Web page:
The implementation design takes the interaction design and the tested system and implements the two into a working system with services such as user interface integration and documentation. Finally, the deployment phase involves a continuous performance monitoring and evaluationof the new software system. Performance is monitored against the usability objectives and the services included are user surveys, performance analysis and a continuous evaluation.Abras, Maloney and Preece (2011) suggest that the current UCD models involve users in exploring various options and include innovation as a part of developing software that suits the end users.
Usability and its importance
Usability is a process that is used to measure interactive user experience which is associated with a particular user interface, for example, a software application. There are various factors which define a software usability and include; how well the UCD design functionality, flow through the application and application response fit the user needs, user tasks and user expectations respectively. Usability is therefore the quality of a system which makes the system easy to learn, use, and remember and error tolerant. Bevan (2009) suggests that a good UCD is therefore one that can create a highly usable software system through people involvement process to get adequate information about a system use. Usability can be used to depict the difference between a software system failure and success. For instance, software with poor usability can greatly reduce a workforce productivity level.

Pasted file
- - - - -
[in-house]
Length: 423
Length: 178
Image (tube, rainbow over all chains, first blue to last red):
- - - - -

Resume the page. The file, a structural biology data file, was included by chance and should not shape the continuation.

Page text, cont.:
The Relationship Between the UCD and Software Development
UCD and software development practices are repetitive approaches when it comes to developing software that can shoot up a projects’ success. UCD creates the software development success by involving the product’s end users and through a research and iterative product design and evaluation. By doing this, it results in a software product that meets users’ needs better and is more usable. The UCD approach deals with the design, evaluation of the system user interfaces and user research. On the other hand, software development practice concentrates on crafting suitable software that can meet the necessary project management. Both the UCD and software development practices are critical in developing usable and working software. Some aspects in the software design approach conflict each other and possibly create a poorly integrated system development process.